You'll get a sense of what the smart contracting language is expecting of you. Most of the development is still standard front end web dev with web3 hooks to the blockchain. So besides a basic understanding of how blockchain works (Mastering Bitcoin is a good start), understand how to code a basic web application and you're off.

1. Programming Languages - C++ as most of the cryptocurrencies are near fork of bitcoin which was written in C++

2. Good understanding of cryptography

3. Game theory

4. Distributed computing

Extra - Economics and market microstructure - I believe most devs in cryptocurrency lack this. They think everyone acts rationally in a given situation so everything can be coded according to game theory.

Only a few years back we only had Ethereum and their "Smart Contracts" available but now we have Strats, Ark and a few other that provides API.

I guess there are two types of developers that are needed for a blockchain kind startups:

- Producers:- Who create a new Blockchain for an ICO etc. Usually C++/Go/Rust is being demanded. For that one must have a solid knowledge of both language and blockchain technology itself. This is difficult but have some clear pointers available over web.

- Consumers: The developers who are using the existing blockchain platforms and use their APIs in their existing web/other applications to use Blockchain either as a "Payment Gateway" or to store/transfer stuff. This is relatively easier but vague and no such documentations/guidance available.

I'd like to be a Consumer, so far no luck.

We (GUTS, https://guts.tickets) are hiring blockchain developers and have learned that they don't really exist much yet. The tech is too new and too immature to have produced developers with practical expierence.

So instead we look for people who are interested in blockchain tech, have generic backend and/or javascript experience (because web3) and have toyed with ethereum/solidity a bit.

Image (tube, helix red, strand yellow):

So we're mostly hiring blockchain developers for their non-blockchain skills.

> I thought it might be interesting to work with something [..] just to get that "hacker" feeling back

Sorry, but this is the reason blockchain is a bubble.

Learn math and crypto and actual software development and programming. Pick a blockchain tech, and invent for yourself a new project based on it, and built it or work on one that exists.

If all you know is web programming, this will take you a year, maybe two.

Read the bitcoin whitepaper. That's about it (besides the common developer skillset that is necessary for any engineering job)

A high tolerance for risk

And a willingness to accept consequence.

You could always start your own coin, prior to changing industries. In this way you can get your feet wet, and learn what goes into a coin as well as the architectural differences and tradeoffs between different types of mining as well as POW, POS and so forth.

You can do this very quickly on your own by branching an existing coin.

How's about: the ability to research an answer or whole topic without asking a question is rather essential to join any high stakes, highly competitive, technologically demanding project.

I'm being sarcastic, sorry. Sometimes just formulating the right question can help to see the answer. Good luck to you.

Imagine Bitcoin worth 0 dollars and is strongly prohibited in all the world as a currency. The only legal and possible use case you can use it with is distributed consensus apps.

Still interested? Learn some cryptography and refresh some school math and you are fine.

Not really anymore? Uh oh...

Maybe sign up for a blockchain course at one of these universities:


(I’m joking, they’re not)

What skills do you need? Not sure it matters.

I'd suggest working on solving the underlying problem: providing proof of THING uncontrolled by a central authority but not so resource intensive that it will overtime be dominated by only a few parties.